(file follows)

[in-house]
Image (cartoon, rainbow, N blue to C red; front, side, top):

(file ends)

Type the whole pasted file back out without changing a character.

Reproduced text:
[in-house]
Image (cartoon, rainbow, N blue to C red; front, side, top):